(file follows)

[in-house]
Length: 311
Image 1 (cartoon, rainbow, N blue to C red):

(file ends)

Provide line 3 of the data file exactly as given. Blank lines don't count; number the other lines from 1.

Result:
Image 1 (cartoon, rainbow, N blue to C red):